Sunday, April 06, 2014

Malaysia Airlines Flight 370: Chinese, Australian Ships Detect Unidentified Signals; Chinese Vessel Picked Up Second Signal Within Two Kilometers of First Ping

The Wall Street Journal

By  Ross Kelly and Shani Raja

Updated April 6, 2014 5:45 a.m. ET

PERTH, Australia—The agency leading the hunt for Malaysia Airlines Flight 370 said Chinese and Australian ships had separately reported detecting pulse signals that could have come from the missing airline's black-box flight recorders.

News of the signals, which was cautiously welcomed by authorities heading up the search, came as "corrected" satellite data shifted the geographical focus of the search, with further analysis of the data suggesting the missing flight could have traveled further south than previously thought.

Australia's Joint Agency Coordination Centre, or JACC, said Sunday that a Chinese naval ship involved in the search, Haixun 01, had detected several "acoustic pings" on Friday and Saturday about 2 kilometers (1.2 miles) apart.

The signals, which on Saturday lasted for about 90 seconds, are thought to be consistent with frequencies belonging to the missing airliner's black-box flight recorders.

HMS Echo, a U.K. Royal Navy ship involved in the multinational search in the southern Indian Ocean, and a number of military aircraft have been sent to help investigate the signals.

About 300 nautical miles away, an Australian naval ship, Ocean Shield, picked up pulse signals on Sunday, which the vessel is now investigating.

JACC said it was cautiously treating Haixun 01's report as the more promising one for now.

"This is an important and encouraging lead but one which I urge you to continue to treat carefully," Air Chief Marshal Angus Houston, who heads up JACC, told reporters. "We will follow up and exhaust every credible lead we receive."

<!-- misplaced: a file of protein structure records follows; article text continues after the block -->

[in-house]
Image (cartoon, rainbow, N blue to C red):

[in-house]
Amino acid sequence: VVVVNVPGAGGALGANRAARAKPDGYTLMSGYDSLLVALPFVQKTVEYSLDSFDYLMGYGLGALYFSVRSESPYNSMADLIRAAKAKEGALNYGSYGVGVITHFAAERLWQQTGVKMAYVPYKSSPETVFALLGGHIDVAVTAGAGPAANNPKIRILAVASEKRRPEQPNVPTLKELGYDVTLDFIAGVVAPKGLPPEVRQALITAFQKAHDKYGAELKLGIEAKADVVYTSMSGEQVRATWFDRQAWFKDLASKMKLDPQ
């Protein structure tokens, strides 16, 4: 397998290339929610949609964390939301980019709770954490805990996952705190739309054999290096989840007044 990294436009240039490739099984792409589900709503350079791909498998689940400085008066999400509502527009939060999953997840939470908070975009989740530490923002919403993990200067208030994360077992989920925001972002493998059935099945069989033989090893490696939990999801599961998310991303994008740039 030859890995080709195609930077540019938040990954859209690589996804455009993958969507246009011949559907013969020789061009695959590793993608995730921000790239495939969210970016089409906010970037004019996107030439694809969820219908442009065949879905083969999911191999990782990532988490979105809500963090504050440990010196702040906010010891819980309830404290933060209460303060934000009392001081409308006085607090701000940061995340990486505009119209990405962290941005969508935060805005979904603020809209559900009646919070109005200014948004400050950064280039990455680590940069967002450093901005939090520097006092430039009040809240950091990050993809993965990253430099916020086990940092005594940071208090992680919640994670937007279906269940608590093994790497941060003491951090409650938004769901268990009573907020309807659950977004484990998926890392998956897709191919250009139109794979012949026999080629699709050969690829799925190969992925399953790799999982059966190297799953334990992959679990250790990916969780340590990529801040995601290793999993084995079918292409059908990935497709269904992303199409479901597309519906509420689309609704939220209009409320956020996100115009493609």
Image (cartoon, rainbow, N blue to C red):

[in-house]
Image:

Earlier Sunday, Australia's Prime Minister Tony Abbott, in Japan for trade talks, said it was important not to rush to conclusions during a still difficult and complex search operation.

The leads comes as the search for the aircraft, which was carrying 227 passengers and 12 crew from Kuala Lumpur to Beijing, enters its fifth week.

Chief Marshal Houston said that if the Australian vessel's probe proved fruitless the ship would likely be redirected to help investigate the Chinese reports. If that happened, Ocean Shield would probably arrive at the new spot no earlier than midafternoon on Monday because of the time required to change direction with U.S. black-box detector equipment on tow.

 Williams, a visiting professor at the Australian National University and former military-intelligence officer, said the locator carried by the Ocean Shield would be a lot more effective than the less sophisticated technology used by China.

"If they picked it up with the U.S. equipment that's being towed behind the Australian vessel they'd have a better idea because it's got a direction assessment capability," he said. "The Chinese one is just picking up underwater sounds." Ocean Shield is also carrying an underwater unmanned vehicle-known as a Bluefin 21-to help search for any wreckage.

Separately, Chief Marshal Houston said satellite data used to determine the latest search zone had been reanalyzed and suggested the missing flight may have traveled slightly further south than previously thought. He said greater priority was thus being given to the southern part of the existing designated search zone, which has been divided into three dispersed blocks.